Different breast cancers behave in different ways, which necessitates separate treatment guidelines to address the individual characteristics of specific types of cancer. As knowledge evolves, treatment guidelines are updated to reflect up-to-date information about breast cancer. Recently, the American Society of Clinical Oncology (ASCO) published guidelines on the use of chemotherapy and targeted therapy in the treatment of patients with advanced, HER2 negative breast cancer.
What is HER2 Negative Breast Cancer?
HER2, or human epidermal growth factor receptor 2, is a protein that the human body develops to help regulate reproduction of the cells. Sometimes the gene responsible for developing this protein will over-replicate itself, which can result in overproduction of HER2. In HER2-positive breast cancer, there is an overexpression of the HER2 protein. In HER-negative breast cancer, this is not the case.
About 80 percent of women with advanced breast cancer have HER2-negative breast cancer, according to ASCO. However, while targeted therapies have begun to emerge for HER2-positve breast cancer, development of targeted therapies for HER2-negative breast cancer has lagged.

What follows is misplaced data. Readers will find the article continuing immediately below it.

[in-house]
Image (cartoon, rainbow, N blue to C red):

ASCO Guidelines for Advanced, HER2 Negative Breast Cancer Treatment
To help physicians navigate the developing landscape of treatment options, ASCO guidelines for the treatment of advanced HER 2 negative breast cancer suggest pathways that optimize outcomes in patient-centric manner while minimizing unnecessary harms and side effects.
Take-away points from the guideline, published September 2014 by Journal of Clinical Oncology, state:
- Hormone therapy should be recommended rather than chemotherapy as a standard first-line treatment in patients with hormone-receptor-positive cancer, unless cancer is immediately life-threatening or when resistance to hormone therapy is suspected.
- Chemotherapy agents should most often be delivered one at a time rather than simultaneously to minimize potential for side effects.
- Bevacizumab, a drug that has been shown to delay disease progression, should only be considered with single-agent chemotherapy when cancer is immediately life-threatening.
- Physicians and patients should make treatment decisions together, considering factors like prior therapies, other health conditions, side effects and patient preference.
- Palliative care should be offered early and throughout the course of the patient’s illness.
- Providers should encourage all eligible patients to participate in clinical trials which can offer promising, new experimental treatments.
Developments in our knowledge of different breast cancers, as well as in their treatments, are allowing us to detect and treat breast cancer with better results than ever before. As a comprehensive, multidisciplinary breast cancer treatment network, Breastlink is committed to tracking these developments to ensure our patients benefit from up-to-date information that can optimize treatment decision-making.
To learn more about Breastlink services, including treatment for HER 2 negative breast cancer treatment, please call 714.804.0940 use our online ‘Contact Us’ form to get in touch.